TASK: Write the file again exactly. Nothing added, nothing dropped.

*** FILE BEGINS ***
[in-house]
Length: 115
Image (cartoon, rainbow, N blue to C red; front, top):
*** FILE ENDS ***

[in-house]
Length: 115
Image (cartoon, rainbow, N blue to C red; front, top):